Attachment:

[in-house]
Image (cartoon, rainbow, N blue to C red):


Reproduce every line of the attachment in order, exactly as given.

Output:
[in-house]
Image (cartoon, rainbow, N blue to C red):